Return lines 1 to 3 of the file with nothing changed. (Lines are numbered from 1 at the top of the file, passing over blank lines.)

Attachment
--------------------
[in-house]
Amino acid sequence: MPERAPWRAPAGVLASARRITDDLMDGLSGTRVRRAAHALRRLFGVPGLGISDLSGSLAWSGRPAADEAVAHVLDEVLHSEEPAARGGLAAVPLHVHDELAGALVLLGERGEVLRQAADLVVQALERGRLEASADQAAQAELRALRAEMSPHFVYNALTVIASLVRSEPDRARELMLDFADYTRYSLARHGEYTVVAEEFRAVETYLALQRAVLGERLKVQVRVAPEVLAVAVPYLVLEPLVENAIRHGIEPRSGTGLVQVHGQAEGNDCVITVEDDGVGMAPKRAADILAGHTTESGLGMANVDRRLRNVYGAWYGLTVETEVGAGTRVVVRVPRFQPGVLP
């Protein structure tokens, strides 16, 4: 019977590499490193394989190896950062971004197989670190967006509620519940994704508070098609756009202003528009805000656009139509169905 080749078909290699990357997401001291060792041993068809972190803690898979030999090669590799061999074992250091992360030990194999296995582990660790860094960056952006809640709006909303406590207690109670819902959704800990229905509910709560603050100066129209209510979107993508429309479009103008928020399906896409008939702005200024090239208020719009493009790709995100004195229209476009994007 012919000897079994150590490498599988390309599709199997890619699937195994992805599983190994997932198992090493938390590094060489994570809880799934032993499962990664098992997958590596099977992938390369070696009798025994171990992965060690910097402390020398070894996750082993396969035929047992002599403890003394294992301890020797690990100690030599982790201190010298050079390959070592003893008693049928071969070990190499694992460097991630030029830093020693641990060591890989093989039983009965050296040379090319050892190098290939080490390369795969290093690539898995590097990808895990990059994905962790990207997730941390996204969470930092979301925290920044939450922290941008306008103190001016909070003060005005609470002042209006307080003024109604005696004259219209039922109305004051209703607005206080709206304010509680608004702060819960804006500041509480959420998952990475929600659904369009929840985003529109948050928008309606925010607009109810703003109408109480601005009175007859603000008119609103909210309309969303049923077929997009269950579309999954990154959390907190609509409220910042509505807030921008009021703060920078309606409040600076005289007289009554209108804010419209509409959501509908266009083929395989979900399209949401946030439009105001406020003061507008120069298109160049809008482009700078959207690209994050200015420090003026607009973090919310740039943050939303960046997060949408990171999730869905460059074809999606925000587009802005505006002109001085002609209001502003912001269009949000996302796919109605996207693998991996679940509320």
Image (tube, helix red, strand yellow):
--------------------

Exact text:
[in-house]
Amino acid sequence: MPERAPWRAPAGVLASARRITDDLMDGLSGTRVRRAAHALRRLFGVPGLGISDLSGSLAWSGRPAADEAVAHVLDEVLHSEEPAARGGLAAVPLHVHDELAGALVLLGERGEVLRQAADLVVQALERGRLEASADQAAQAELRALRAEMSPHFVYNALTVIASLVRSEPDRARELMLDFADYTRYSLARHGEYTVVAEEFRAVETYLALQRAVLGERLKVQVRVAPEVLAVAVPYLVLEPLVENAIRHGIEPRSGTGLVQVHGQAEGNDCVITVEDDGVGMAPKRAADILAGHTTESGLGMANVDRRLRNVYGAWYGLTVETEVGAGTRVVVRVPRFQPGVLP
């Protein structure tokens, strides 16, 4: 019977590499490193394989190896950062971004197989670190967006509620519940994704508070098609756009202003528009805000656009139509169905 080749078909290699990357997401001291060792041993068809972190803690898979030999090669590799061999074992250091992360030990194999296995582990660790860094960056952006809640709006909303406590207690109670819902959704800990229905509910709560603050100066129209209510979107993508429309479009103008928020399906896409008939702005200024090239208020719009493009790709995100004195229209476009994007 012919000897079994150590490498599988390309599709199997890619699937195994992805599983190994997932198992090493938390590094060489994570809880799934032993499962990664098992997958590596099977992938390369070696009798025994171990992965060690910097402390020398070894996750082993396969035929047992002599403890003394294992301890020797690990100690030599982790201190010298050079390959070592003893008693049928071969070990190499694992460097991630030029830093020693641990060591890989093989039983009965050296040379090319050892190098290939080490390369795969290093690539898995590097990808895990990059994905962790990207997730941390996204969470930092979301925290920044939450922290941008306008103190001016909070003060005005609470002042209006307080003024109604005696004259219209039922109305004051209703607005206080709206304010509680608004702060819960804006500041509480959420998952990475929600659904369009929840985003529109948050928008309606925010607009109810703003109408109480601005009175007859603000008119609103909210309309969303049923077929997009269950579309999954990154959390907190609509409220910042509505807030921008009021703060920078309606409040600076005289007289009554209108804010419209509409959501509908266009083929395989979900399209949401946030439009105001406020003061507008120069298109160049809008482009700078959207690209994050200015420090003026607009973090919310740039943050939303960046997060949408990171999730869905460059074809999606925000587009802005505006002109001085002609209001502003912001269009949000996302796919109605996207693998991996679940509320």